The next solar storm is predicted to cause an ‘internet apocalypse’.

Have you ever had the cliché of a thought that, perhaps, you were born to the wrong generation? The idea that your disposition might be better suited to a time before the bottomless abyss of TikTok entertainment, smartphones that feel like an extension of your person, maybe even pre-Google (infinite knowledge is overrated, actually)? Well that time might just be coming around again, thanks to the horrors that await us as a result of the ongoing climate crisis.

For decades, researchers have been aware of the threat posed by extreme solar storms — the escalated result of a mist of (usually harmless) magnetised particles known as “solar wind” showering down onto the planet — the risks including damaged electrical grids and prolonged blackouts. However, new research suggests that a solar superstorm (an escalation which occurs once every 80-100 years) could cause a series of catastrophic internet outages covering the whole Earth and lasting several months. Maybe more of a digital detox than you had in mind?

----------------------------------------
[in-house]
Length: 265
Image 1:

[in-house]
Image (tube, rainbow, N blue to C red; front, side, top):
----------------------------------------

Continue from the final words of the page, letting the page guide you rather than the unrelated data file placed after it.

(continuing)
Sangeetha Abdu Jyothi of the University of California, Irvine presented her research into the subject at the recent SIGCOMM 2021 data communication conference, warning that the results of this extreme space weather could prove catastrophic to our current way of life.

“What really got me thinking about this is that with the pandemic we saw how unprepared the world was,” Sangeetha said in a recent interview. “There was no protocol to deal with it effectively, and it’s the same with internet resilience. Our infrastructure is not prepared for a large-scale solar event.”

Sangeetha’s research shows that local and regional internet infrastructure is at low risk of damage, even in a massive solar storm, because optical fiber itself isn’t affected by geomagnetically-induced currents. However, long undersea cables that connect continents are far more vulnerable. “A solar storm that disrupted a number of these cables around the world could cause a massive loss of connectivity by cutting countries off at the source, even while leaving local infrastructure intact. It would be like cutting flow to an apartment building because of a water main break,” senior writer Lily Hay Newman explains.

Our lack of experience with these storms puts us at a disadvantage, but the research into them is just beginning, and growing fast. And, according to Sangeetha, there are already things we can do to improve our chances, such as laying more cables at lower latitudes and developing resilience tests that focus on the effects of large-scale network failures.